- Select the state(s) where you want to offer a US State Rate. Booking.com displays the rates they recommend at the top of the list based on what they know about your property and its previous bookings.
- Enter the percentage discount you want to offer. You must offer at least 5%. Booking recommends a minimum of 10%.
- Choose any check-in dates that you don’t want your US State Rate to apply to and Click Review.
- If everything looks correct, click Activate.
SUPPLY: Booking.com wants to get more available properties, but supply still thing in key US regions
Supply: No or lower commission for property managers in the Southeast
As we wrote in our previous article about Booking.com’s travails in the US, the first dramatic change in the company’s approach has been with its sacrosanct 15% partner commission. The company identified the southeast region of the US and drew a list of new property managers to attract. As Vtrips’s Steve Milo told us during a recent interview, this region alone counts 5 of the 6 biggest US states in terms of vacation rentals.
Booking.com offered to some of them a trial period of 6 months, with zero commission. To others, and probably to existing partners, it offered a lowered commission rate (e.g. 8%). Indeed, one issue for Booking.com was that it needed more calendar availability for its existing partners. To do that, the company worked closely with a few of the largest ones.
Once the company had somewhat improved supply and availability in the southeast US, it could start stimulating demand.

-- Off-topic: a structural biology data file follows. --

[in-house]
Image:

Low vacation rental supply in key states
On the supply side, Booking.com’s offer is still lacking in some US regions. For instance, if you go to the Cabins & Chalets main page, you can see that Booking has just 1,376 cabins and chalets in the US. By contrast, it offers:
- 3, 750 cabins and chalets in France,
- 1,991 in Poland,
- 1,882 in the United Kingdom.
Furthermore, when exploring the page dedicated to US cabins, the merchandising carousel shows top destinations with just a few properties, such as:
- Pigeon Forge: 37 cabins
- Gatlinburg: 81 cabins
- Sedona: 4 cabins
- Branson: 4 cabins
- Flagstaff: 4 cabins
In big US cities, short-term rental supply also looks a bit low compared with that Airbnb. In the image below, you can see exactly how many properties Booking.com has for every vacation rental type:
Part of the effort for Booking.com is about getting more available properties. Another thing they need to do is recategorize properties in a new that makes sense to travelers, to provide both choice and relevancy. For instance, property types such as chalets, cabins, cottages, lodges, and even tree houses could be grouped together. Categorization is tricky, as it can be subjective and left to the property owners to decide. Yet, as we’ve seen in our deep-dive on Airbnb’s unique stay categories (e.g. yurts, treehouses, private islands), the right categorization effort can help travelers be aware of new options they can book on a platform.
Booking.com’s current promotional push for vacation rentals in the US is interesting, as it shows that the company is able to put aside its one-size-fits-all modus operandi: It now enables properties in the US to have granular pricing discounts on a per-state basis, some of its commercials only focus on vacation rentals and do not mention hotels, and commercial activities have been more intense with large property managers in the southeast. This targeted approach means that a few targeted property managers may have felt the difference, in terms of commission fees and bookings, while most US property managers may not see Booking as a relevant player yet.